Who is better than Stephen Tourlentes?

Well, the short answer is nobody, and if you don't believe me you really need to go see his show OF LENGTH AND MEASURES at Carroll and Sons. These pictures marry the poetics of the sublime with the hard reality of the administration of death. He makes clear the beauty of these landscapes comes at the expense of (and in fact is due to) the luminous presence of the prison complexes that house and administer death in the name of the people. That he is a brilliant technician is well on display in this exhibition but the thing that stays with me is that Tourlentes has used his considerable talents and technical acumen to focus on a part of contemporary life we care not to consider nor do we want to know how we benefit. (Many prisoners are stripped of their voting rights. Some of these complexes house thousands of prisoners, increasing the state's population and thus their political representation. Michelle Alexander probes this in THE NEW JIM CROW.) Pictured is an image of Ardmore, Alabama, Alabama Death House, 2004. Trust me, this cheesy jpg is nothing compared to Tourlentes's actual photos. He was my favorite to win the Foster Prize last time around. This exhibition shows why he is one of the best artists working right now. I'm glad he is really starting to get his due. Image

Leslie Hewitt at ICA/Boston

I saw a great show at ICA/Boston today (and it's not Eva Hesse STUDIOWORK).

Leslie Hewitt's Riffs on Real Time is an elegant and somewhat haunting revelation.  The elements are really simple and laid bare for examination.  In a time when so much of photography has a lot to do with digital processes and a hackneyed view of the constructed nature of images, Hewitt's work breathes life into the discussion by a factual presentation of these ideas.  Her concrete and centralized compositions of layered photos marry the poetic to the indexical. Exploring image-as-surface, and image-as-support, without without any "scrapbooky" touches of nostalgia or inflection, she creates works that open up spaces for contemplation of history.  Their weightlessness belies their origin and the installation conveys the work's relationship to geometric abstract painting. It is a luminous and exciting body of work.

Randi Hopkins's essay on the show is as compelling as her gorgeous installation of Hewitt's photographs.  It is writing that does not attempt to take the place of the work and leads you back to the photographs with fresh eyes.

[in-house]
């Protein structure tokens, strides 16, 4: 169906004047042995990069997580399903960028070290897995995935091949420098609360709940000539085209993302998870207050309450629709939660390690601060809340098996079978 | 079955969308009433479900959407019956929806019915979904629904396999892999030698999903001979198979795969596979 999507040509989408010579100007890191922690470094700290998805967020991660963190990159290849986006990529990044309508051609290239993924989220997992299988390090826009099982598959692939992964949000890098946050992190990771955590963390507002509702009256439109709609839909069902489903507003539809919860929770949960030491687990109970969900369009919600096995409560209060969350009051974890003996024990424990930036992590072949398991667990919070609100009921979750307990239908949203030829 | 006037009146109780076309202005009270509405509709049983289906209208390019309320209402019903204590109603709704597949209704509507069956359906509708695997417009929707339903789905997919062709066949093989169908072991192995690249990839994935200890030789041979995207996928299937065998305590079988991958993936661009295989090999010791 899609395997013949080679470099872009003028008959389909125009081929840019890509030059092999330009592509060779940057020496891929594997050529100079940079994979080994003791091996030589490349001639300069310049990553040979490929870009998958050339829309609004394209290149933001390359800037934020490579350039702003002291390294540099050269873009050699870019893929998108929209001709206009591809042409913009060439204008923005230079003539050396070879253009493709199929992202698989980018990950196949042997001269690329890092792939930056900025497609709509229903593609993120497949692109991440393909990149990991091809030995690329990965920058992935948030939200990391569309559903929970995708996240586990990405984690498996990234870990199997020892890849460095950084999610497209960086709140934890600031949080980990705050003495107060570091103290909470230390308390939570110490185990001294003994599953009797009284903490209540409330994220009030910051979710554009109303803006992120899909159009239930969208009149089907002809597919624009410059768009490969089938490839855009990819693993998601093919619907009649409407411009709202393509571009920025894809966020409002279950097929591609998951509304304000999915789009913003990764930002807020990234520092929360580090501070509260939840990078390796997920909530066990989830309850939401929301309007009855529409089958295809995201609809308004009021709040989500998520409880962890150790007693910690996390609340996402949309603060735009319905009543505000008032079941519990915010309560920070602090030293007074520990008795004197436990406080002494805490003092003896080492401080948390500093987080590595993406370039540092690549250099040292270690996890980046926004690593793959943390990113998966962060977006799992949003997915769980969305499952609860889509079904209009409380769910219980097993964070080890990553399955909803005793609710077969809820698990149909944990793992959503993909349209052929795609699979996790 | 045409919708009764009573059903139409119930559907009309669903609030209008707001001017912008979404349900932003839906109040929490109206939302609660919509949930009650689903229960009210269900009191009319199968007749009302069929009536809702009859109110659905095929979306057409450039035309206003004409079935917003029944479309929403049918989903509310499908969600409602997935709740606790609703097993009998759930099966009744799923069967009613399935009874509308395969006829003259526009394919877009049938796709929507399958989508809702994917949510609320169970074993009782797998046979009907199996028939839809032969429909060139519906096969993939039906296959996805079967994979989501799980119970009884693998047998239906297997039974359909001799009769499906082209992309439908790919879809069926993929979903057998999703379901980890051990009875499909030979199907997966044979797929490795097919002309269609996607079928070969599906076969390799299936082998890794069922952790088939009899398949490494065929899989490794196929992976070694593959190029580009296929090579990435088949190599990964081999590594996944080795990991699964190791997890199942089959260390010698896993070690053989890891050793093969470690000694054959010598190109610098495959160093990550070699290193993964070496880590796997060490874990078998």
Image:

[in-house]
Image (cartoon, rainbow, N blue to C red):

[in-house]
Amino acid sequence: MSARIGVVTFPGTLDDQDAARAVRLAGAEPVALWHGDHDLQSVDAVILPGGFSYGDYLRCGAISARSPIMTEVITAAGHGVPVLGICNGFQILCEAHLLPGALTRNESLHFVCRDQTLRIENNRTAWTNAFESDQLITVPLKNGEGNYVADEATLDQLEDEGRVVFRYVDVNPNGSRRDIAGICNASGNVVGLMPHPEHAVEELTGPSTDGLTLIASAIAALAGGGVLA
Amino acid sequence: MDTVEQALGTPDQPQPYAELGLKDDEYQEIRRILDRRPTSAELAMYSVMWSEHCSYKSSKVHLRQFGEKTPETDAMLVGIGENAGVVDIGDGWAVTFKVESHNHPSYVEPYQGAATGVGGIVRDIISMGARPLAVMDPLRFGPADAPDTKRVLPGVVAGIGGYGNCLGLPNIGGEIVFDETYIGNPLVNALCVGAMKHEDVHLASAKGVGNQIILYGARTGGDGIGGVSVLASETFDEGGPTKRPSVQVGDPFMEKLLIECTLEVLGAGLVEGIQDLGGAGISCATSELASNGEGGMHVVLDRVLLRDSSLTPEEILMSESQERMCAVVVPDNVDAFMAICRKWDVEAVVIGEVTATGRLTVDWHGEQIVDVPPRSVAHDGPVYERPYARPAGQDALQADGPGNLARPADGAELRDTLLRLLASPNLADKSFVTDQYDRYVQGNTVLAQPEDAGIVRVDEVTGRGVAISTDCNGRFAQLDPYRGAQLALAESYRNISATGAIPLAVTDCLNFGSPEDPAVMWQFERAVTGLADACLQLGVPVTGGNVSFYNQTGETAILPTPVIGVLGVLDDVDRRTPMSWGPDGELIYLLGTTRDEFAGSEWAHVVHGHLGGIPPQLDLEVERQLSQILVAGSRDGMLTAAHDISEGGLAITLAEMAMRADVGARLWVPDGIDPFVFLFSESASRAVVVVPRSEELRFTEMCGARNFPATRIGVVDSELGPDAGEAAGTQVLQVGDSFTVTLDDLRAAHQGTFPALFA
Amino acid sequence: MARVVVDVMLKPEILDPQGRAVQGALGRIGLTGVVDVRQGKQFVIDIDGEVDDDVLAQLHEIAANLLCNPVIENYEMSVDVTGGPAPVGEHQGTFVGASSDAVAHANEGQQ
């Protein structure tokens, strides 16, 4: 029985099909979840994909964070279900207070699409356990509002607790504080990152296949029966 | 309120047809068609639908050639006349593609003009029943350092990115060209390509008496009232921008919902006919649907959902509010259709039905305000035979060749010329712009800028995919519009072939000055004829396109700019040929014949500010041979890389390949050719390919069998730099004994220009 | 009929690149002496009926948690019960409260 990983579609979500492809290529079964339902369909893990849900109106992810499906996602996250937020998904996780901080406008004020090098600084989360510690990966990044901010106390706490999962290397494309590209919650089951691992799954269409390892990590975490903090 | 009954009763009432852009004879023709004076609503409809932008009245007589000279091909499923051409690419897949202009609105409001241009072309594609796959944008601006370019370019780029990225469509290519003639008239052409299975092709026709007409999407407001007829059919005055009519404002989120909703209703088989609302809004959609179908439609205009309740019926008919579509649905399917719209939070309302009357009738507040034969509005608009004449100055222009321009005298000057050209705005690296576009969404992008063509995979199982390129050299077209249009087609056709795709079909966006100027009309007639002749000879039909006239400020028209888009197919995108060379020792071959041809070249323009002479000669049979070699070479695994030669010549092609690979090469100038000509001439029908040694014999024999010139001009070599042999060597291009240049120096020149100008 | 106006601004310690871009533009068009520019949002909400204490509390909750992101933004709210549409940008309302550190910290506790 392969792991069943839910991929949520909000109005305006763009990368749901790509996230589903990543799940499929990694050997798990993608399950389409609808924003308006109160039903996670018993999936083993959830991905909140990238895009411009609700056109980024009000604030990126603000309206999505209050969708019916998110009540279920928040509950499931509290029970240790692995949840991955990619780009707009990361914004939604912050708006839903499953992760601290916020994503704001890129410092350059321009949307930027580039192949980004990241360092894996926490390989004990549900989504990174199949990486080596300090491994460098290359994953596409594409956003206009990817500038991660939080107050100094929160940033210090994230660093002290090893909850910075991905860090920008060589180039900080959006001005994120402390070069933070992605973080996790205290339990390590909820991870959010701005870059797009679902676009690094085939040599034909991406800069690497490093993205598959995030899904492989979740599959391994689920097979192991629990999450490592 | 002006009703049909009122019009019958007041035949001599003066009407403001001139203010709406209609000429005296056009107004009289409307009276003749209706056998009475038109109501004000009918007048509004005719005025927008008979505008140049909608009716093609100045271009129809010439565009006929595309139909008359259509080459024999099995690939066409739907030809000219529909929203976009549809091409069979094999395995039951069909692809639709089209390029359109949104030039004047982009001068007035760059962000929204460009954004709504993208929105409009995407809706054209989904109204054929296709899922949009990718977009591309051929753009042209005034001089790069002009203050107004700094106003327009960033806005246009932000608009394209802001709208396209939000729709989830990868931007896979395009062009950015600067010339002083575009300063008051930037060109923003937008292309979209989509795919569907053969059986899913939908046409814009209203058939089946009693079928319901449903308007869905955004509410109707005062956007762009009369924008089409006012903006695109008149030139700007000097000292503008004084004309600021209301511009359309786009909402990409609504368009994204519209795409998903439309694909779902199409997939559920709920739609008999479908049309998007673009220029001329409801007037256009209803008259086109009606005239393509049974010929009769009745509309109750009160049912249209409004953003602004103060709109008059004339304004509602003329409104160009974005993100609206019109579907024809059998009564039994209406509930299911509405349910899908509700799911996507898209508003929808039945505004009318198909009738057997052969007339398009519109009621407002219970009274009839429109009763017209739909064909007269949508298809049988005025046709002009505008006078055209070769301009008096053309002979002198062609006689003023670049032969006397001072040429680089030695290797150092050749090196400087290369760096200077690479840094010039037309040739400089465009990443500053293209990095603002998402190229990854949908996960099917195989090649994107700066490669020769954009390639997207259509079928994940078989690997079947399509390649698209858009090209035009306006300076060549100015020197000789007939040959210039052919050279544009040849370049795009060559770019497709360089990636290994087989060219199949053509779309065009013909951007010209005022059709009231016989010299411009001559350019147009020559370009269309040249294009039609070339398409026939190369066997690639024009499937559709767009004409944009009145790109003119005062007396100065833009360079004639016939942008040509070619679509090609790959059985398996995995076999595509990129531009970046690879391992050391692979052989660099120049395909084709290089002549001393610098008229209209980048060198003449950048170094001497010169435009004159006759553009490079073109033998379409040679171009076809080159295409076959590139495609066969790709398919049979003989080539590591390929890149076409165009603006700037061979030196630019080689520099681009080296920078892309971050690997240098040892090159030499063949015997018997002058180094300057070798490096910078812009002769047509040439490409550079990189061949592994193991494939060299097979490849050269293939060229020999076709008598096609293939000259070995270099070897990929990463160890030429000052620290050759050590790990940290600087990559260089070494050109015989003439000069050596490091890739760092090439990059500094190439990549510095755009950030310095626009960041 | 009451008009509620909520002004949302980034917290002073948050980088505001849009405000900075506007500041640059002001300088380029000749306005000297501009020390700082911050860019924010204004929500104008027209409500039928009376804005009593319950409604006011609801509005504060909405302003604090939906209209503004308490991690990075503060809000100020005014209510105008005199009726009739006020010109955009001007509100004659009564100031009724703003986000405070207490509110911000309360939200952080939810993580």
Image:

Who knew that the placement of an image inside of an image would still be able to take your breath away?

There's no place like LONDON....

Well, now I know why Sweeney Todd cut so many throats....

I'm kidding.  Really, I am loving London.  First off, I have never been here.  There are over 300 million people in England and I think I rode on the Underground with all of them today.  I was not prepared for the sheer press of people that you can get caught in here.  Everyone is on their way some where and I have heard so many different languages spoken it boggled my mind.  I had a great moment when a couple of people wanted to interview me about my feelings on the National Health Service.  I had to tell them I was not British, so my opinion didn't really count.  I guess I look British.
I know this blog is about Istanbul and believe me I am very nervous and excited to go.  But since it is a long trip and I have the time, I thought I would spend a few days in London coming and going.  First because some of the greatest art in the world is here and also because my greatest friend is here, Michael Mullen.
I want to say something about the way the English speak and what it does to you.  First off, they are convinced that they speak the right way (it is called "English") so when you are over here and you are speaking it, you are saying everything wrong.  Think of the way you say "Worcester," or "Holyoke."  Now the way you feel about people outside of Massachusetts pronouncing those words incorrectly is they way the English feel about you and the entire language.  You can't compete with it, so you have to start pronouncing things the way they do.  This accounts for what people think is Madonna being affected with a fake British accent.  If she doesn't talk that way, no one here will understand her.  They look at you like you are a freak if you don't talk like them.  It really forces you to assimilate.
(Note: The above does not allow ANYONE in the Americas to say things like "Happy Christmas."  Now THAT is an affectation.  It is positively sick making and should be stopped. )
We went to Tate Modern today and saw the permanent collection and an amazing Juan Muñoz retrospective.  I can only imagine the work he still had in him when he died.  It was a haunting and beautiful show.  We just missed the Doris Salcedo installation in the Turbine Hall.  Tate Modern really is an incredible building.  It was an old powerstation that got repurposed into the most incredible museum.  We also went to the National Portrait Gallery (Sir Thomas Lawrence... so GOOD!  Who knew?) and tomorrow we are going to Tate Britain to see the amazing Peter Doig's exhibition.